Agreement could generate more than 1,000 jobs and provide revenue to more than 60,000 Navajo allottees.

Farmington – Today, Governor Susana Martinez announced that the State of New Mexico has reached a major breakthrough with The Bureau of Indian Affairs-Federal Indian Management Office (FIMO) and San Juan College that will expedite land-lease agreements between Navajo allottees and energy companies – an effort that has been stalled for years due to federal budget cuts.

A Navajo allottee is an individual who was allotted non-reservation land directly by the United States government in 1896. This agreement could generate more than 1,000 jobs and provide revenue to over 60,000 allottees.

“Today, the Navajo allottees are mostly second- and third-generation owners who inherited the land from their parents and grandparents. With advances in horizontal drilling, their land value has greatly increased, and they have the potential to receive large royalties by leasing their resource-rich land to energy companies,” Governor Martinez said. “This is a major breakthrough that will create jobs and improve the lives and well-being of the landowners.”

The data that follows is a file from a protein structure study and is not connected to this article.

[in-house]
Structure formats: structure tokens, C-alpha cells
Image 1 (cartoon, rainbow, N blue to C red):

Nearly 300 Navajo alottees have already signed leases with oil companies to develop their land for energy production, but the federal government has been unable to process their requests due to budget cuts. Under the agreement, the state and San Juan College will offer services to help allottees lease mineral rights.

The new agreement would lift the load off the federal government and move these agreements forward. It’s estimated that a single 160-acre parcel has the potential to generate hundreds of thousands of dollars for the owner.

“Under Governor Martinez’s innovative leadership in a new state and federal energy relationship, we have developed a collaborative and efficient way to help Navajo land owners receive compensation for mineral estate rights in the Gallup/Mancos shale,” New Mexico Energy, Minerals & Natural Resources Secretary David Martin said. “By bringing in San Juan College to facilitate lease agreements, the potential exists to open up unleased parcels that could generate over 1,000 jobs and provide revenue for over 60,000 allottees. This type of agreement could be a model for other states seeking to develop allotted land.”